What did 150 ecommerce decision-makers in large organisations tell us about the current and future role of digital commerce in their industry and business?
There is no doubt that we are living in an increasingly digital society. Consumers and businesses alike are adopting digital into everyday life – with organisations across most sectors using digital commerce to interact with more customers, existing and potential, than ever before.
One exception to this rule has historically been the wholesale sector which has not yet put digital commerce at its heart and appears unsure of whether to make that move. Within the sector, the majority of businesses continue to use traditional approaches to lead generation and sales in what is now a sophisticated digital environment. So in a world of digital technology, what does the future hold for a sector which has so far been slow to adapt?
Perhaps it is the fault of digital service providers and experts. At a time when the race was on to “be the first” to do great things with digital technology, those helping businesses respond to the boom tended to focus their efforts on the more obvious sectors – retail and financial services. Now retail, manufacturing, financial services, utilities, the media and other sectors are all seeing real, tangible benefits of digital commerce. The wholesale sector must surely now consider changing its stance and chart its own disruption or run the risk of being disrupted.
Wholesale’s limited move into digital commerce has been accepted so far, with our study showing only 6% of annual revenue being attributed to digital. But the problem is that wholesale customers are consumers too – they use mobile, smart and even wearable technology every single day. It makes them more efficient, saves them time and money and generally is seen to improve their life. Eventually, they will demand the same level of ease and convenience from wholesale.
Certainly in our study, wholesalers appear aware that there is a pressure to move more into digital channels. Almost a third (30%) of respondents pointed to the benefits of digital commerce as a way to improve reputation. Yet 33% of wholesalers admit they are yet to see a positive impact of the digital boom in their organisation, and only a third believe digital commerce is important to their industry – although that figure does increase to 53% when looking at the next decade.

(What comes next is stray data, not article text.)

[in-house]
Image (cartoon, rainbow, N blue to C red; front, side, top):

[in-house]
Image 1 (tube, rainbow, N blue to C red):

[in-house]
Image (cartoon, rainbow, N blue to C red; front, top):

Similarly, by 2020, the sector expects digital sales to account for 13% of revenue.
When asked if they face challenges in developing ecommerce for their business, 87% stated this to be the case. This is the most of any sector surveyed. The top three challenges identified are: lack of board/senior management buy in (46%), the work of integrating ecommerce being associated with traditional sales (42%) and the pressures of having to deal with numerous technologies and suppliers (35%).
The future is unclear, with the fear that wholesale is about to invest in digital commerce but is not in the position to do so effectively and reap the benefits. A third of respondents from wholesale recognise that no-one within their organisation has ultimate responsibility for digital commerce. So if we are saying that wholesale faces challenges in utilising digital commerce and making it work for the sector, who is supposed to be driving this? Without a certain level of confidence and action, the door remains potentially open for the sector to miss out on the sales opportunity digital commerce offers.
Wholesale may have been slow to adapt but the benefit of this is the beauty of hindsight. The sector needs to look at the challenges the likes of retail have faced and make sure it does not suffer the same – from ensuring someone within the organisation has the necessary skills to drive digital, to being smart about the digital channel they are utilising. The future of the world is ‘digital’ so, simply put, is the future of wholesale. The experience wholesalers have, as they begin this journey, depends on their approach to it.
Martin Girdlestone, Head of Consultancy, Salmon.